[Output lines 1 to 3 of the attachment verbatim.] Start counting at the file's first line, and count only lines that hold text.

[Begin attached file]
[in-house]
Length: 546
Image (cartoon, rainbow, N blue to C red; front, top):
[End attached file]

[in-house]
Length: 546
Image (cartoon, rainbow, N blue to C red; front, top):